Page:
Tuesday, October 30, 2012

The Library's Makeover


I changed the cover of my mystery, A Rhyme’s Library. Not everyone is happy about the change. My husband likes the old cover, but my daughter likes the new. I like the old cover because I love the hand. But in the online thumbnail, you can’t even see the hand.

I also love my new cover. This is my daughter, Natalie. Isn't she beautiful? To  me, the new cover says chick book, which is what I'm trying to say. I also think it's a better fit with the blurb. 

Crazy Aunt Charlotte is missing again. Blair Rhyme, Rose Arbor’s young librarian, doesn’t bother to check Charlotte’s regular haunts -- the Veteran’s of Foreign Wars lodge, the Four H-Club, or the bins behind Milton’s Fish shop – because Charlotte is dead. Blair discovered her body among the boxes of what-nots and whatevers in the library’s basement. Unfortunately, when she returns to the library with the police Charlotte is missing. Again. 


Desperate to prove that she doesn’t share her aunt’s mental illness and that Charlotte really has been murdered, Blair tangles with a former lover, a disturbingly handsome stranger and a wacky cast of Rose Arbor characters.


At first Blair tries to dismiss the skin-pricking sensation of being watched, but as small disturbances grow increasingly threatening, she must confront the enemies, real or imagined, that drove her aunt to madness and death in the Rhyme’s Library.

What do you think? Which do you prefer?

Monday, October 29, 2012

My Freebie Experiment So Far


A few weeks ago I whacked my book, Stealing Mercy, to free. I posted about this decision and you can read about it here.

This is/was an experiment. This summer I lowered Mercy to .99 cents when I participated in a group promotion. It took weeks for it to fall to .99 cents and then after the promo when I tried raising the price, again it took weeks and weeks. I honestly didn’t know if Amazon would ever drop the price to free even though it was free on all the other e-readers. But on Thursday morning when I woke up and checked my Amazon page, Stealing Mercy was not only free, it was also ranked #38 on Amazon’s historical romance list. I watched it throughout the day as it moved from 38 to 30 to 17 to 7 to 5 to 3. Currently, it’s #1 in historical romance and #7 overall.

I am not putting Mercy into the kindle select program, so I don’t know why Amazon would go out of its way to promote me. It had 12 reviews, but one of them disappeared. I don’t know why that particular review went astray, but since I have heard of it happening to other authors, I can only scratch my head in wonderment. I’ve been doing that a lot for the past few days. I now have 13 reviews.

I managed to let a few online promotional sites (like 3) know about Mercy’s freedom, but since we had out of town guests staying with us for the last few days I don’t know how, or if, they have featured Mercy in anyway. What I’m saying is—I really don’t know why Mercy is doing so well. I wish I could point a finger and say, ah-ha—well, no wonder. How did I miss this gem of marketing brilliance before? Now all of my books will sell like hot coals on a cold winter night because I’ve learned the secret.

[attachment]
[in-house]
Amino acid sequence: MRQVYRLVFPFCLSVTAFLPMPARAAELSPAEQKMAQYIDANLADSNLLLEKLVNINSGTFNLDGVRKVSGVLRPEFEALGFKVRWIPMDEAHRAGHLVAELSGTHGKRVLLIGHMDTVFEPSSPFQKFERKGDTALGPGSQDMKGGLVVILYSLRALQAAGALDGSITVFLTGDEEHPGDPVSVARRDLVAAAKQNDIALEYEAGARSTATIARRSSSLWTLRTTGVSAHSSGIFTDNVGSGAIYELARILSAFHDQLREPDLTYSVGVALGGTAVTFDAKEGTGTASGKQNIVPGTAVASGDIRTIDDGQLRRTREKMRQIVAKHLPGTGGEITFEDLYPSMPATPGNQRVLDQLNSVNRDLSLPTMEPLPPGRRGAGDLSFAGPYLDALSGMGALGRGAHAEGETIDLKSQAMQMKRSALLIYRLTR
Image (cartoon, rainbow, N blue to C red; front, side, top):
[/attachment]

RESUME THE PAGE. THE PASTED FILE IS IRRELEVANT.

But I haven’t learned the secret. Here are a few of my marketing attempts:

I have a blog

I participate on a group blog

Occasionally I make comments on the writer’s cafe kindle boards. I usually really enjoy this. I find the writers to be witty, intelligent and for the most part, generous, helpful and kind. To my amazement, I have found that when I start a thread (conversation) my comment will get thousands of views. The first time I commented in the writer’s cafĂ©, I had over 500 visitors on my blog that day. Go figure.

I belong to several online writers’ groups. I rarely comment on them, but I love to read and learn. I am lucky to “know” them, even if I wouldn’t recognize any of them if I passed them on the street.

I try to take advantage of every free promotional opportunity I stumble across. Today, for example, my novel The Rhyme’s Library is featured on Predatory Ethics. http://mad-gods.com/blog/?p=2101
In short—I’m lucky. I’ve always known this to be true. My husband claims I’m the luckiest person he knows. My three day ‘sales’ was at 9,000 when I left for church. I thought maybe I’ll be over 10,000 by the time I get home. I now have close to 20,000.

Why would I give my book away for free? Because I want readers to love Stealing Mercy so much that they'll rush out and buy my other books. Maybe that won't happen. Maybe there is a group of readers who only read free books. The proof is in the pie. (Mercy, my protagonist in Stealing Mercy, is a pie maker.)

Head scratching continues.

Thursday, October 25, 2012

Hooray!


Stealing Mercy is #30 on Amazon's Historical Romance list!

It’s free! Here's the link--just in case you want to download it or tell your friends or anything like that.

http://www.amazon.com/Stealing-Mercy-ebook/dp/B005FCFHZ6/ref=sr_1_2?ie=UTF8&qid=1351181198&sr=8-2&keywords=kristy+tate

Monday, October 22, 2012

A Fifty Shades of Grey Rant



I learned a hard lesson when I was in seventh grade and a teacher caught me passing notes with my friend, Samantha. Sammy and I had devised a code and we communicated without words. We drew pictures. I admit that I still occasionally do this today. I pass out thank you cards with a hand drawn picture of a tank and a sheep on it. (Tank ewe) There’s a piece of my thirteen year old self that still thinks that drawn pictures are clever.

Unfortunately, Sammy and I were decidedly  not clever in Mrs. Murdock’s English class when Sammy dropped my note and Mrs. Murdock picked it up, read it and immediately left the room.

I loved Mrs. Murdock and until that moment, I had thought she liked me, so as soon as class was over I approached her, apologized and asked for my note back.

“It was so cute, I had to share it,” she told me, looking at me with innocent eyes while lying through her teeth.